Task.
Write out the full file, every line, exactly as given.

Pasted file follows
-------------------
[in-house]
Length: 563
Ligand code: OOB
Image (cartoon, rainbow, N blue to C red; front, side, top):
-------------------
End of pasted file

[in-house]
Length: 563
Ligand code: OOB
Image (cartoon, rainbow, N blue to C red; front, side, top):